What is Antiphospholipid Syndrome?


It is also known as Sticky Blood Syndrome or Hughes Syndrome after the Dr Hughes who has recently retired from the Lupus Clinic at St Thomas's Hospital, London.   www.hughes-syndrome.org.


People with this syndrome have an increased tendancy towards developing Thrombosis.  These are little clots that can form in blood vessels.  It can affect the thin walled veins that take blood to the heart or thicker and more muscular arteries which push the blood away from the heart.


Patients with Antiphospholipid Syndrome carry a higher risk of miscarriage as the veins that feed the placenta can be affected by tiny clots.  Quite often this is during mid-pregnancy.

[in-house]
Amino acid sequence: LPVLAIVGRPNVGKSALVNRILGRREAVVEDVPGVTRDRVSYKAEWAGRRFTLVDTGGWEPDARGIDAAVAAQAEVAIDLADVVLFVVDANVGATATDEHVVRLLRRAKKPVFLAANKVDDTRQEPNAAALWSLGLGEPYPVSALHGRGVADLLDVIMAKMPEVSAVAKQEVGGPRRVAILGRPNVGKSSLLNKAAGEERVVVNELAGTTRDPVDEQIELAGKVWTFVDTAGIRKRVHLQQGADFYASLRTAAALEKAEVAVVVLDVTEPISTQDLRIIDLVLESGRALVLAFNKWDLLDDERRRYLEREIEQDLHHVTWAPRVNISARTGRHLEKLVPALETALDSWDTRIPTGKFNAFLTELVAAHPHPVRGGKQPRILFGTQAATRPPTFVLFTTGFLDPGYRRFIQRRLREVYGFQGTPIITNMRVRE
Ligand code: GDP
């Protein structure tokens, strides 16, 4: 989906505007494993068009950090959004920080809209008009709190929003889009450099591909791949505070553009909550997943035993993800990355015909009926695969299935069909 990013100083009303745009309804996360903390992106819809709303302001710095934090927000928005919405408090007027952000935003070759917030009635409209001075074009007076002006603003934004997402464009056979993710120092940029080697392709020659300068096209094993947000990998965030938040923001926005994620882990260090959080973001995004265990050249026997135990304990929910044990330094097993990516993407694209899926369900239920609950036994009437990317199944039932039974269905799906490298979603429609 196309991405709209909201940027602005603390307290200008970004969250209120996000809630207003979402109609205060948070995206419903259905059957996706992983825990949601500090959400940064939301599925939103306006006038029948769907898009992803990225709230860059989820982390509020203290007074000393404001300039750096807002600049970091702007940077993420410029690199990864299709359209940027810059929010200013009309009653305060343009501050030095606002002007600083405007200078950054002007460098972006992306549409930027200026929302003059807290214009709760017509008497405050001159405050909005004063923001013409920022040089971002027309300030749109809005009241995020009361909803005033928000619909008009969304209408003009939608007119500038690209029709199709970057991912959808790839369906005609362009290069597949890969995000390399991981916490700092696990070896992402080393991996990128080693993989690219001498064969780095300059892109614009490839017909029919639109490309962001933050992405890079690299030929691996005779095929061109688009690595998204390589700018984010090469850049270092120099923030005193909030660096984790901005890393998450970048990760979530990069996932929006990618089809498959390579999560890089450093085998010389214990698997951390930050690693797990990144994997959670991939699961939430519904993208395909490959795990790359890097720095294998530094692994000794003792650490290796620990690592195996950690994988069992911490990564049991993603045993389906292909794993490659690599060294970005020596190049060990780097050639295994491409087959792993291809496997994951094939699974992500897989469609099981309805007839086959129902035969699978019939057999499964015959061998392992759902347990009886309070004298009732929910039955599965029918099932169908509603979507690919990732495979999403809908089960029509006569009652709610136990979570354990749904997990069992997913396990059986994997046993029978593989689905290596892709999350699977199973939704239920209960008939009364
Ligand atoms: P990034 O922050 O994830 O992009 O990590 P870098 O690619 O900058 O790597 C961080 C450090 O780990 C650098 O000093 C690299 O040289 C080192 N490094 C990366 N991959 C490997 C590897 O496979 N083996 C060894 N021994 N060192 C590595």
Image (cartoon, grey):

What Causes Antiphospholipid Syndrome?


There are two main types of antiphospholipid syndrome:

  •    Primary Antiphospholipid Syndrome. This is where a person develops this condition with no other illness.
  •    It can be Secondary Antiphosholipid Syndrome.  This where it develops along other illnesses such autimmune diseases like Lupus for example.

The figures seem to be that between 40-50% of Lupus patients also have antiphospholipid antibodies.


What do I need to watch out for?


Some of the symptoms Associated with  Antiphosholpid Syndrome are these:

  • Headaches
  • Memory Loss
  • Thrombosis
  • Miscarriage
  • Pulmonary Embolism
  • Heart Attack
  • Giddy Spells
  • Stroke
  • Visual Disturbances